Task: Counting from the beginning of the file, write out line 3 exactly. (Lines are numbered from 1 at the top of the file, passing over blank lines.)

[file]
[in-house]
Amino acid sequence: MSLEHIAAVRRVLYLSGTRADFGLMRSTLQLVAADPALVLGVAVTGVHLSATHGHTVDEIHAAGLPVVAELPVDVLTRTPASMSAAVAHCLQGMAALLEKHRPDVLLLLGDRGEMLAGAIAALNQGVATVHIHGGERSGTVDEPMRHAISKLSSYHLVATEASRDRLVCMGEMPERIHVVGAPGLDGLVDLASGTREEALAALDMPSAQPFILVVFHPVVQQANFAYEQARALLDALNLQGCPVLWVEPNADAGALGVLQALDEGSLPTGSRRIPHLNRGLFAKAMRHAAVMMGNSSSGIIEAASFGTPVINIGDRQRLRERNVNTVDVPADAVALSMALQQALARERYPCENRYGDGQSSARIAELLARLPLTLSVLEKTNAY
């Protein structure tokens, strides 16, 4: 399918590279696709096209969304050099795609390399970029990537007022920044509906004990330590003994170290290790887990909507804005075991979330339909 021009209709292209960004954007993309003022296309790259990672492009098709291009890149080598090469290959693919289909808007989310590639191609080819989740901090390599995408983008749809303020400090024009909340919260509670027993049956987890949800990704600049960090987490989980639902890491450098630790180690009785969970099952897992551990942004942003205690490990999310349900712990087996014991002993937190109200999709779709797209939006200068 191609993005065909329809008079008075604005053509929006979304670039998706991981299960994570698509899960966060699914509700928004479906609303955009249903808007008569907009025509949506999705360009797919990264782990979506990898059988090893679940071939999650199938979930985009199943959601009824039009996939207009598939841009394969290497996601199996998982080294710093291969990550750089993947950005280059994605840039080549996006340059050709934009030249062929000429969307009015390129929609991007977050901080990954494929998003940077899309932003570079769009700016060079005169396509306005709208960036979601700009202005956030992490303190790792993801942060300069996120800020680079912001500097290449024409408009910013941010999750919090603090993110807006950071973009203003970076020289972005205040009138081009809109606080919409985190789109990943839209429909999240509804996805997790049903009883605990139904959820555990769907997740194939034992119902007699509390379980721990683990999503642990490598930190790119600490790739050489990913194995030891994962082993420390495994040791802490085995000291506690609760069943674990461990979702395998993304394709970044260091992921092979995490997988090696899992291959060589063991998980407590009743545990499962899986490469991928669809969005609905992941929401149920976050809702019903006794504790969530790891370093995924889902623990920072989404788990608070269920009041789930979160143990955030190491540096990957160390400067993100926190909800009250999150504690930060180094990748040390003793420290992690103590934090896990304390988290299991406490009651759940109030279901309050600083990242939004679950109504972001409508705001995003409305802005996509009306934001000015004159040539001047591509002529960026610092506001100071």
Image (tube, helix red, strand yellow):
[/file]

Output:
């Protein structure tokens, strides 16, 4: 399918590279696709096209969304050099795609390399970029990537007022920044509906004990330590003994170290290790887990909507804005075991979330339909 021009209709292209960004954007993309003022296309790259990672492009098709291009890149080598090469290959693919289909808007989310590639191609080819989740901090390599995408983008749809303020400090024009909340919260509670027993049956987890949800990704600049960090987490989980639902890491450098630790180690009785969970099952897992551990942004942003205690490990999310349900712990087996014991002993937190109200999709779709797209939006200068 191609993005065909329809008079008075604005053509929006979304670039998706991981299960994570698509899960966060699914509700928004479906609303955009249903808007008569907009025509949506999705360009797919990264782990979506990898059988090893679940071939999650199938979930985009199943959601009824039009996939207009598939841009394969290497996601199996998982080294710093291969990550750089993947950005280059994605840039080549996006340059050709934009030249062929000429969307009015390129929609991007977050901080990954494929998003940077899309932003570079769009700016060079005169396509306005709208960036979601700009202005956030992490303190790792993801942060300069996120800020680079912001500097290449024409408009910013941010999750919090603090993110807006950071973009203003970076020289972005205040009138081009809109606080919409985190789109990943839209429909999240509804996805997790049903009883605990139904959820555990769907997740194939034992119902007699509390379980721990683990999503642990490598930190790119600490790739050489990913194995030891994962082993420390495994040791802490085995000291506690609760069943674990461990979702395998993304394709970044260091992921092979995490997988090696899992291959060589063991998980407590009743545990499962899986490469991928669809969005609905992941929401149920976050809702019903006794504790969530790891370093995924889902623990920072989404788990608070269920009041789930979160143990955030190491540096990957160390400067993100926190909800009250999150504690930060180094990748040390003793420290992690103590934090896990304390988290299991406490009651759940109030279901309050600083990242939004679950109504972001409508705001995003409305802005996509009306934001000015004159040539001047591509002529960026610092506001100071």